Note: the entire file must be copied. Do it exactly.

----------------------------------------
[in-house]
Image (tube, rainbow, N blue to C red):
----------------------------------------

[in-house]
Image (tube, rainbow, N blue to C red):